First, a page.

So that’s what “irreversible” really means, but why will these changes be irreversible?

The potential answers are almost endless, but there are two fundamental things that largely set the stage for everything else — what happens to carbon dioxide in the atmosphere and what happens to heat in the ocean. 

CO2 is the most important heat-trapping gas. It’s a natural part of the atmosphere that helps make the earth habitable, and there are natural processes that emit and capture it, which scientists call "sources" and "sinks."

These processes keep CO2 levels relatively stable on a scale of centuries and millennia, but human activities have already raised the levels we inherited by roughly 40 percent. We’re on target to double atmospheric CO2 from pre-industrial levels before the end of this century.

CO2 stays in the atmosphere for a long time in human terms — hundreds to tens of thousands of years. Combine that “residence time,” as scientists call it, with the warming, or “forcing” power of all that additional CO2, and you’ve got a lot of warming locked in for a long time to come.

It will essentially be, yep, irreversible.

Meanwhile, while news about climate change generally focuses on the planet's surface temperature, most of the extra heat being held in by all that CO2 and other greenhouse gases is actually going into the oceans.

Water absorbs and holds tremendous amounts of heat, and oceans cover roughly 70 percent of the planet’s surface. Beneath all that surface area is a tremendous amount of water. Add that all up and you have a huge system that will trap, cycle and then re-release all that heat for thousands of years to come.

Again, in human terms, that can't be undone.

So is there nothing we can do to stop all of this? 

There are things that can slow some of the changes, but they’ll take nothing short of that economic and technological revolution.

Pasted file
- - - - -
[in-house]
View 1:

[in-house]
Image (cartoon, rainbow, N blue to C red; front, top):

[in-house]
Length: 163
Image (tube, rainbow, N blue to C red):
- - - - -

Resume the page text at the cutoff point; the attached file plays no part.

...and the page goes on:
Most important, we can stop emitting all that greenhouse pollution.

That's not beyond our imagination, we know what we need to do and mostly how to do it. But it's been far beyond our social and political capabilities so far.

Many scientists are convinced we'll also have to invent safe and efficient ways to suck up all the extra carbon dioxide we're putting out there.

So far, though, that's also been pretty much a dry hole, with no apparent breakthroughs in sight.

But here’s another irreversible thing that’s important to remember: the ability of humans to adapt, invent and learn from experience.

The irreversibility of climate change will cause huge social disruption, economic damage and human suffering, not to mention massive ecological upheaval, and we can’t roll back the clock on many of these changes

But what we can change is ourselves— what we do, how we think and live.

Humans are the most adaptable and innovative animal the world has ever known. That's how we came to dominate and alter the world like none before us.

But it's also why we're not powerless to respond to the mess we've created for ourselves, and why we might just be able to start working ours way out.